I came across this New York Times article yesterday about requiring restaurants to post the calorie counts for all of their menu offerings. This article brought up a lot of ambivalent feelings in me. Back in my dieting days, I was very much for this idea. It drove me crazy that I didn’t know how many calories and fat grams were in what I wanted to order at a restaurant. Then I learned about intuitive eating, and I stopped caring about how many calories food had. I haven’t given this issue any thought since I quit dieting.
On a personal level, I do not want to be forced to read the calorie count for everything on a menu every time I go to a restaurant. I’m pretty well established in this whole non-dieting thing, but I think it would be hard for me to order exactly what I wanted if the calorie count was staring me in the face. What if the thing I wanted had 1200 calories in it? If I didn’t know that, I would order it without giving it much thought, but I would certainly be satisfied after eating just part of it. A couple of weeks ago, I ordered pasta with grilled vegetables in a cream sauce. I’m sure there was an outrageous amount of calories in it, and I’m really glad that I didn’t have to deal with that knowledge. Instead, I ordered it and enjoyed it immensely. By the time I had eaten to satisfaction, it looked like I had barely made a dent in it. I took it home and got three more meals out of it, and I thoroughly enjoyed every one of them. I know that if the calories and fat had been listed next to the entrée, I would not have been able to enjoy it without feeling at least a little bad about it. I’m really glad that restaurant doesn’t post that information.
I honestly believe that this information won’t help anyone. Knowing the calories and fat grams will bring people into diet thinking. This diet mentality is one of the main contributors to obesity. As Geneen Roth says, every diet brings on an equal and opposite binge. So what would happen if people had this information? I can see it playing out in a couple of ways.
Scenario 1: Mary joined Weight Watchers three weeks ago. She has lost count of how many times she has joined, but she knows that this time she will stick with it and finally make lifetime. She goes to one of her favorite restaurants. Mary loves their grilled vegetable tostada. She looked up the ingredients beforehand, and figured that it must be about 12 points. That’s a lot for one meal, but she can afford to spend the points because she has been really good lately. She gets to the restaurant, looks at the menu and notices that the restaurant has added the calorie and fat information for all of their items. At first she is excited, but then she sees that her tostada has a whopping 1600 calories and 28 grams of fat. That’s a lot more than 12 points! She doesn’t know what to do. She really wants that tostada. She has been looking forward to it all week. She looks over the menu and can’t find anything else she wants, so she decides to just order the dang tostada. She eats the whole thing because she already screwed up anyway. She goes home feeling awful because she is so overly full. Over the next week she gorges herself on sweets and fried foods. She feels like a failure. Then one morning she wakes up resolved to get back on the wagon, and the whole cycle starts over again.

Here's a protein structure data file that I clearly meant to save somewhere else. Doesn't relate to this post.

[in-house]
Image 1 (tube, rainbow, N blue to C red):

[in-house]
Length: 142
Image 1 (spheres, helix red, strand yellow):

Scenario 2: (Let’s see what would have happened if Mary decided not to order the tostada.) She scours the menu for something that she could order that would be on plan, and finally settles on a green salad with a little grilled salmon on top. She isn’t a huge fan of salmon and doesn't feel like salad, but it is the best choice. She eats it, but feels very unsatisfied at the end of the meal. Once she gets home, she really wants to eat even though she isn’t hungry anymore. She just can’t stop herself and proceeds to binge on chocolate and bon bons. Mary goes to bed feeling horribly guilty. (Refer to scenario one to see how the rest of her week turns out.)
That pretty much sums up why I think posting this information on menus is a bad idea. I don’t believe that it will make people slimmer or healthier. Instead, I fear that this information with perpetuate the diet cycle and possibly contribute to an increase in obesity.
But people want this, and that should mean something. According to one study sited in the article, 83% of the adults interviewed were in favor of putting calorie counts on menus. I have to admit that it wouldn’t be fair to ignore that, so I propose a compromise. Let’s not put calories and fat grams on menus. Instead, let’s put the following: “Nutritional information available upon request.” Every restaurant would be required to have nutritional information for all of their entrees in an easy to read, accessible format. That way the calorie counts and fat grams would be available to anyone who wanted it, but it wouldn’t be forced upon people who didn’t want to see it.